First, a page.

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Employment prospects improving

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(Special) - Canadians workers can find some encouragement in recent reports showing that employment prospects are improving.

A recent survey of the corporate sector by the Bank of Canada shows that sales are set to increase in the next year due to a strengthening U.S. economy and lower Canadian dollar, and the outlook for investment growth and hiring both are positive.

BMO Bank of Montreal also has found that workers across the country are optimistic about the outlook for their companies this year, with twice as many expecting they will increase rather than decrease the size of their workforce.

However, in today's uncertain economic conditions the the threat of losing your job is always present.

"Whether it's your decision or you are forced to leave, losing your job is a major event in life," says Colin Montgomery, a financial planner with Edward Jones. "We encourage people to look on this as an opportunity to review their situation and get their financial house in order. There are a lot of decisions to make and it's crucial not to make them in haste without some professional advice."

If you are working it's a good idea to build up an emergency, high-interest bearing account that would cover six months of living expenses in the event your employment ends, for whatever reason. This can make the transition a lot less stressful and give you some time to find new or alternative employment without having to worry about where the money to pay the bills is going to come from.

If your employment does end, the first step is to take an inventory of your assets and your situation.

"Look upon it as an opportunity to get your financial house in order," says Montgomery. "Take a look at your financial inventory - what are your assets, your debts, your severance and what are your job prospects. Go over everything and don't make any decisions until you get some professional advice."

You may want to set up a line of credit with your financial institution which can give you some peace of mind at least knowing that you have access to credit if you need it.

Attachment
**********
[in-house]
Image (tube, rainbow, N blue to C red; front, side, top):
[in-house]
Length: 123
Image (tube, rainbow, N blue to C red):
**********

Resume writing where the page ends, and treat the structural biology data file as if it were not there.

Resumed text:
Another strategy is to look at your debt situation. If you can, pay off the debt with the highest interest such as credit cards or consolidate or restructure all debt, including the mortgage. It's harder for the self-employed or unemployed to get a new mortgage or renew one than when you're working for a company.

Find out what you can live on and what income you have coming into the family. A two-income household, for example, may be able to reduce expenses and get by while a single-income household may have to rely on credit until the main wage earner finds other employment.

Find out about your company pension plan. Some are locked in but others can be rolled into your Registered Retirement Savings Plan (RRSP). Some plans allow you to withdraw the benefits and convert them to an individual plan, although the premiums likely will be higher. The details should be spelled out in your severance package.

"Ideally, if you can roll it into your RRSP that is great," Montgomery says. "But diversification --- spreading it out between your RRSP, mortgage or other debts -- can be a good strategy as well. Put it where it makes the most sense."

Topping up your Tax Free Savings Account (TFSA) is another option because the TFSA allows you to withdraw funds tax free and then put them back in the next calendar year.

If your severance runs out you have several options such as taking any job you can get, going into debt or cashing in your retirement fund.

"None of these are great options, so that's why it's really important to get some professional advice to make sure you don't do anything too hastily and make the right decisions," Montgomery says.

Talbot Boggs is a Toronto-based business communications professional who has worked with national news organizations, magazines and corporations in the finance, retail, manufacturing and other industrial sectors.

Copyright 2014 Talbot Boggs

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